Just got a water bill for our new home. We’ve been here 2 months. Yorkshire Water have estimated our water usage at 0 units. Twats.
I have just read the meter and we have used 6 units. That’s 6 m3 in 60 (ish) days. Or about 100 litres a day. Two of us live here, so that’s 50 litres each per day. Yay for us (the UK average is about 150 litres per person per day).
Our new house has an annoying on-demand boiler which means we often run cold water straight down the drain when doing the washing up; our old house stored hot water in a cylinder. The only time I bothered to do the calculation at our old house I came up with 90 litres (between us, so 45 each) per day. The waste of water annoys me, but from the numbers it’s clearly not a huge waste of water. So that’s good. And I’m sure we burn less gas with the on-demand boiler.
The number of units of water used is so small that to do it properly I should use a year’s worth of bills. That would also eliminate the seasonal variation. I’m pretty sure we use more water in summer: We don’t water the garden (we don’t have one, but we didn’t when we did have one anyway), but we do water the tomatoes, chilis, and courgettes, or whatever we’re growing (still, this probably only amounts to a few litres per day). We also wash the car, not often, but I’m sure we wash it more in summer than winter, just because it’s warmer and nicer to be outside washing the car. We have just replaced our car with something a lot newer (with emissions of 119 g/Km CO2, yay!), so perhaps we’ll be washing the car more often. Perhaps we drink more in the summer too.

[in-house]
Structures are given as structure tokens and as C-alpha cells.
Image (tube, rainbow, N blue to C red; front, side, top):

When we moved in I had to find out where our water meter was. There are 4 water meters outside on the street in a cluster, but Yorkshire Water helpfully told us which one it was (they had a note on file, saving me from struggling to read the serial number). To check, I got my partner to turn on the tap whilst I watched the meter. The meter actually measures down to the litre (in red digits that don’t go on the bill), and has another spinny thing that probably does 10 revs per liter, so this is a totally feasible exercise. I recommend that everyone try this, watching that meter spin round furiously just from turning on the tap was quite frightening.
I note that my bill is in m3 but all the discussion about water consumption is in litres (average consumption is 150 litres, bath and kettle sizes are quoted in litres). This is okay, everyone knows that there are 1000 litres in a m3, right? Apparently not. I asked two people I know that I consider intelligent and fairly numerate, as well as occasionally taking an interest in these things; they both have degrees, and not in underwater needlework. Neither of them knew the answer straight away to how many litres were in a m3. Both, when prodded, remembered that a litre is equivalent to a cube 10cm x 10cm x 10cm; one immediately realised that this meant there must be 1000 litres per m3, the other had to be prodded again. I conclude that the quality of maths teaching in this country is appalling.
I also conclude that it would be more helpful to have water bills that say 1000 litres instead of m3. Because then it would be easier for consumers to relate their bill to their baths. Should we use kl? Dunno, always makes me laugh a bit, for some reason.